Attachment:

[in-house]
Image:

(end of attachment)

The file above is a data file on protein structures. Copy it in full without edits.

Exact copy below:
[in-house]
Image: